He now is claiming that because his predicted global starvation and food riots haven’t shown up as he confidently had claimed they would …
… that what that proves is when they do show up in the next decade, they’ll be Worse Than We Expected (™ climate science).
I gotta say, it’s almost embarrassing to see a man who has never made a successful prediction in his dotage, scrabbling to explain a lifetime of successive failures … or it would be embarrassing if his ideas had not already caused so much damage.
Not only that, but people are still using his wacky old numbers to predict that death and destruction is just around the corner. The toad at the bottom of the whole pile of “human appropriation” claims, the 1986 treatise which was the genesis and original source of this whole train of bogus “we consume half the sun’s energy” misperceptions, turns out to be called “HUMAN APPROPRIATION OF THE PRODUCTS OF PHOTOSYNTHESIS” by Peter Vitousek, Paul R. Ehrlich, Anne H. Ehrlich and Pamela Matson (1986)
In this paper, they claim that human “appropriation” of the green growing stuff of the planet, depending on whatever they might choose to say “appropriation” means at a given moment, ranges from their low value of 3% to their high value of 40%.
From 3% to 40%??? This is science?
Now to me, that reflects a poorly defined term. If “appropriation” were properly defined, we’d have one number. Instead, they give the Goldilocks estimate, three widely separated numbers. So now we see why they chose such a vague (yet accusatory) word as “appropriating”—so they could handwave about it. On the other hand, their disdain for humans, evident in the emotional loading of their choice of words, is still unexplained … but I digress.
Further reading reveals that at the 3% level, “appropriation” means just what you might expect it to mean — what we actually eat and wear and build our houses with, the stuff we actually use. You know, what is really consumed and utilized by humans, duh. They run through a number of calculations, and they say that the real number for what humans consume is about 3% of the total captured each year by photosynthesis.
As you might imagine, I’ve run the numbers myself, mine are a little higher here and lower there. At the end I get a bit under 2%, they say 3%, but it’s all dependent on assumptions so I’m not going to argue. For purposes of this discussion, we’ll agree with Ehrlich that humans actually use somewhere around three percent of what the sun produces, the NPP.
… 3% …
So I assume that your question, like mine, is … how the heck do you get from 3%, what we actually use, up to 40%, their claimed level of “co-optation”?
In other words, how do they calculate the forty percent when they claim humans have got the insufferable gall to appropriate 40% of the products of solar energy without the owner’s permission?
The secret is that “appropriate” turns out to be what I call an “accordion word”, one that can play any tune and expand to accommodate any definition. If you want to get humans to plead guilty to appropriating excess NPP, three percent just won’t do it at all. You need to expand that, nobody would worry about three percent. You’ve got to jack that number by an order of magnitude and more to get people properly alarmed.
So they just redefine “appropriate”.
You see, at the 40% level, what we “appropriate” means the 3% of the NPP that we actually use and consume each year, the green growing things we eat and wear and build with, plus:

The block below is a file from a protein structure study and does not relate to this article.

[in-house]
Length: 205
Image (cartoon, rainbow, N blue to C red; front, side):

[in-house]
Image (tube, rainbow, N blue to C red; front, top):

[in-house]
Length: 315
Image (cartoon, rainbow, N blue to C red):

• every green living thing that grows in any human owned pastures and fields, regardless of whether a human ever touches it, plus
• the annual difference in production between what we grow on a piece of land versus their optimistic theoretical calculation of what could have grown on the same land, plus
• the annual production that might have happened where we put our roads and cities (figured, of course, at the highest possible production rates), plus
• estimated maximum production of agricultural lands lying fallow, plus
• if you eat a fish, include all the smaller fish that fish ate, and all the copepods the smaller fish ate, and all the phytoplankton those copepods ate, plus
• the apples that fall off your apple tree and are eaten by the birds, or rot in the soil, plus
• (I kid you not) we get charged for their calculated annual production lost through “desertification”, whatever they choose for that to mean on a given day.
So when you see a deer grazing in a farmer’s back woodlot, the deer’s not really eating that grass, you are—because it’s happening on land someone is utilizing or letting sit fallow, and by the Ehrlichs’ cockamamie calculation that makes it a human “appropriation” of the products of photosynthesis. It’s simple to get up to 40% when you know how …
Why does Steven Running quote this number? For the same reason that E. O. Wilson and Paul Ehrlich quote this number.
The quote it to “prove” how close we are to filling up the Earth, to try to give some mathematical, measurable weight to their crazy, oft-refuted Malthusian fantasies.
Running: “Will human consumption of primary plant production soon reach its limits?”
Wilson: “If humans utilized as food all of the energy captured by plant photosynthesis on land and sea, some 40 trillion watts, the planet could support about 16 billion people.”
C’mon, folks, Wilson is saying that 2.3 times the number of people currently on earth (7 billion) would consume, not just the production of every single green growing thing on the whole planet, but the raw energy captured by photosynthesis to create that production.
This fails the reasonability test, it is wildly out of scale. Does anyone think we currently eat forty percent of everything that the planet grows?